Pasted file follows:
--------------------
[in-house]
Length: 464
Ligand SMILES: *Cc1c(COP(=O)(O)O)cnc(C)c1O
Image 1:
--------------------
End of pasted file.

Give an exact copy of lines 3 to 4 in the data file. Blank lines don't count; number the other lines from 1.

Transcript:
Ligand SMILES: *Cc1c(COP(=O)(O)O)cnc(C)c1O
Image 1: